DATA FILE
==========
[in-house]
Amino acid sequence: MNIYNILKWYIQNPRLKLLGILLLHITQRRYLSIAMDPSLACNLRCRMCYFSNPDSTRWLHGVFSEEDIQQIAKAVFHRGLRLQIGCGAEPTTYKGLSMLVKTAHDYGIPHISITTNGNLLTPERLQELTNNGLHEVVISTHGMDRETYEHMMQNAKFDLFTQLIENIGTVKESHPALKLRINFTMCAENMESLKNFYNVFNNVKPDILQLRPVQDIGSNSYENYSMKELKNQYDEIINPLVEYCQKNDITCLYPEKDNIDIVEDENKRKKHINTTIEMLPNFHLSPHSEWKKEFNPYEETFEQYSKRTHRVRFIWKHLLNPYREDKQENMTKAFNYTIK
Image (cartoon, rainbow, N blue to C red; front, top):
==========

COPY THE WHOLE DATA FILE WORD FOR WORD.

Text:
[in-house]
Amino acid sequence: MNIYNILKWYIQNPRLKLLGILLLHITQRRYLSIAMDPSLACNLRCRMCYFSNPDSTRWLHGVFSEEDIQQIAKAVFHRGLRLQIGCGAEPTTYKGLSMLVKTAHDYGIPHISITTNGNLLTPERLQELTNNGLHEVVISTHGMDRETYEHMMQNAKFDLFTQLIENIGTVKESHPALKLRINFTMCAENMESLKNFYNVFNNVKPDILQLRPVQDIGSNSYENYSMKELKNQYDEIINPLVEYCQKNDITCLYPEKDNIDIVEDENKRKKHINTTIEMLPNFHLSPHSEWKKEFNPYEETFEQYSKRTHRVRFIWKHLLNPYREDKQENMTKAFNYTIK
Image (cartoon, rainbow, N blue to C red; front, top):